Toyota Is Offering Royalty-Free Patents for Hydrogen Fuel Cell Technology to Other Auto Manufacturers

Because it's not about competition, it's about saving the environment.

Many auto manufacturers have turned to electric vehicles to limit carbon emissions, but these Toyotas aren't ready to give up their combustion engines.

According to the president of Toyota Motors, Akio Toyoda, there should be options besides fossil fuels and electric vehicles.

"On top of that, the enemy is carbon, not internal combustion engines," he said. "We shouldn't just focus on one option."

"Based on various technologies that we have already used so far, I think there might be a way to make use of internal combustion engines for carbon neutrality and even develop it."

During the COP 26 UN climate change summit, six major carmakers — including General Motors and Mercedes Benz — pledged to eliminate the use of fossil fuels in cars by 2040.

While Toyota plans to have 15 EV models available by 2025, they didn't join that group.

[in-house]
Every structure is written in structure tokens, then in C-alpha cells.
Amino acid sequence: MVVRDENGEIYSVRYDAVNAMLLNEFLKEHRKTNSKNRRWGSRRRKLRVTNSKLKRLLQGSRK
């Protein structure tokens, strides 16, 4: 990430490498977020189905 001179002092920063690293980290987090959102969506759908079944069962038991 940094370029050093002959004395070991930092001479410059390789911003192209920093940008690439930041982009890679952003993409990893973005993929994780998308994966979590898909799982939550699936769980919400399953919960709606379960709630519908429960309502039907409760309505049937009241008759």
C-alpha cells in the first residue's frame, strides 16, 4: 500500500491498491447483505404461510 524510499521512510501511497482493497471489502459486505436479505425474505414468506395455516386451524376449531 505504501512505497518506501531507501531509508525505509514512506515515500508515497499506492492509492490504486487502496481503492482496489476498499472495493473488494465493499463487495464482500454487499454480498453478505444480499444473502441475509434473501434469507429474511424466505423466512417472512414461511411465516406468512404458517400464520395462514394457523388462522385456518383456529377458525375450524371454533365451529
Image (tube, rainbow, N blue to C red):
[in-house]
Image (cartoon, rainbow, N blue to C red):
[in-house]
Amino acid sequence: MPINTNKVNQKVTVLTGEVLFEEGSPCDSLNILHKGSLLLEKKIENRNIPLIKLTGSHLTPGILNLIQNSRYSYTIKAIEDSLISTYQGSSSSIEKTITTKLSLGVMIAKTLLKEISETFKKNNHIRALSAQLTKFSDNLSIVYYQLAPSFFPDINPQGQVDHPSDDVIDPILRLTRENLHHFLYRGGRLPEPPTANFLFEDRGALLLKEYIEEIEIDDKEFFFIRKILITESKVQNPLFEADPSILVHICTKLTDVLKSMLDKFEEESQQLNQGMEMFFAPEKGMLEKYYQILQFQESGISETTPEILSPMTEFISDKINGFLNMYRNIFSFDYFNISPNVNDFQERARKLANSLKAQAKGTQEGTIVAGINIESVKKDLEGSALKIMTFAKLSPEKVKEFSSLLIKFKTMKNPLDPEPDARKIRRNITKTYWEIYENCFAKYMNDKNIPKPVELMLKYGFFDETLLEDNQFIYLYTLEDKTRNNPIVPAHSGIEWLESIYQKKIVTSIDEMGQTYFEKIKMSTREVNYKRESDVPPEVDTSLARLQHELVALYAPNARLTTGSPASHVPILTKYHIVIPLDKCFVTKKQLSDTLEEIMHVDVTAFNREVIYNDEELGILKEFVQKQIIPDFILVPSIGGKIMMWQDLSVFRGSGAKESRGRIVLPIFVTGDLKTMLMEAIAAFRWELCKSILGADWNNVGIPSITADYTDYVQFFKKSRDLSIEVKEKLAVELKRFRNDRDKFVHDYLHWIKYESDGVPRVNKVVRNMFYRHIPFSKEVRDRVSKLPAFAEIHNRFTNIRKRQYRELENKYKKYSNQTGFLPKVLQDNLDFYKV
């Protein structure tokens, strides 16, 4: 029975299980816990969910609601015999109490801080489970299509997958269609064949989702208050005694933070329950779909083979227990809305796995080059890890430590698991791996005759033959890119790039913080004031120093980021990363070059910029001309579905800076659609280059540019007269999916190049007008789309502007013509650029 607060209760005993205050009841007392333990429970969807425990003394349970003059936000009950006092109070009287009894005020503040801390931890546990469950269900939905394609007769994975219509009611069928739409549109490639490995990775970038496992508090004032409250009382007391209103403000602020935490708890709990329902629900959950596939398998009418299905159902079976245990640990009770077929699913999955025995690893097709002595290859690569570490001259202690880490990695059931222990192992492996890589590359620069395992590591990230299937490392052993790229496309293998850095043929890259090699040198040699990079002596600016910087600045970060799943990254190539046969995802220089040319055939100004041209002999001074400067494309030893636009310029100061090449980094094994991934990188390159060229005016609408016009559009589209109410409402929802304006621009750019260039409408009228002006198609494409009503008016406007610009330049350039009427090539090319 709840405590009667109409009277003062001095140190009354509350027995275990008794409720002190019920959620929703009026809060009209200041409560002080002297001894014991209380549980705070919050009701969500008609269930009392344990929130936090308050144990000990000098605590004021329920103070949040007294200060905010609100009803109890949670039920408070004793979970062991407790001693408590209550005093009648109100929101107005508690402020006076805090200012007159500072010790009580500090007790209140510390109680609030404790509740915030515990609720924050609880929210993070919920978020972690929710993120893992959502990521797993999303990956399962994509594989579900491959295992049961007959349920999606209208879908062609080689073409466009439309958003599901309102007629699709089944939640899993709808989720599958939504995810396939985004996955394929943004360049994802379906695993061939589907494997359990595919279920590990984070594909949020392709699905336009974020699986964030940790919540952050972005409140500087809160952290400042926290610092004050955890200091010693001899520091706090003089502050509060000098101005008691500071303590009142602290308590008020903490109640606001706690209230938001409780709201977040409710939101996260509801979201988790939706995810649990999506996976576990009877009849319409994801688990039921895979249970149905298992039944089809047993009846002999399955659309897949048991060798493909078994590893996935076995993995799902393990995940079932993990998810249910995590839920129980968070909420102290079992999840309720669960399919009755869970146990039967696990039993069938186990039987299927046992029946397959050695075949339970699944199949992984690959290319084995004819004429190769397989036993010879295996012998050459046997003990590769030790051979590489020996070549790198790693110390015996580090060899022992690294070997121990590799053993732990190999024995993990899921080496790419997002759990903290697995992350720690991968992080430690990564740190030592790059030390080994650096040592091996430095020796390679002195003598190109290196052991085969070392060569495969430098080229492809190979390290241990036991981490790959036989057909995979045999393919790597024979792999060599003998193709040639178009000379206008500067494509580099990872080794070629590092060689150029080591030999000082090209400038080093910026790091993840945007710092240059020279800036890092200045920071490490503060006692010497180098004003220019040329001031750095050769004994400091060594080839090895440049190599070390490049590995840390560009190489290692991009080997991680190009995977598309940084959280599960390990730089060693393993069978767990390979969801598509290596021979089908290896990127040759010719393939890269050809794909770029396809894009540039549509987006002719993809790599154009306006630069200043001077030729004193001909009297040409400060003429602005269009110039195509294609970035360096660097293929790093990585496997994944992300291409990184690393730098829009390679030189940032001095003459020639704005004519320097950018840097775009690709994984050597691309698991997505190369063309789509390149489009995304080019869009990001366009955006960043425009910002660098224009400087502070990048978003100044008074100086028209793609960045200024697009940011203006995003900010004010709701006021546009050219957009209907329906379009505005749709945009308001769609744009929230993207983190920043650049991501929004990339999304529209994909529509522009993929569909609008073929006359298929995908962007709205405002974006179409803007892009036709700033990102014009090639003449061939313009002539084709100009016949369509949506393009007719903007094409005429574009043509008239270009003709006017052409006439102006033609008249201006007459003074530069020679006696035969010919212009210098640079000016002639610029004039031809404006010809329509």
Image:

Instead, the Japanese automaker is experimenting with hydrogen-powered vehicles. 

Here's how it works and why it's good for the environment: The chemical reaction between hydrogen fuel mixing with oxygen in the air creates enough energy to move the car. The only byproduct is water, which comes out the back of the vehicle.

But hydrogen-filling stations are rare, and not many other auto manufacturers have gotten in on the hydrogen fuel combustion engine. 

Toyota holds over 5,000 patents on hydrogen fuel cell technology and is offering them to other auto manufacturers royalty-free, just to encourage more use of this alternative fuel.

Because it's not about competition, it's about saving the environment.

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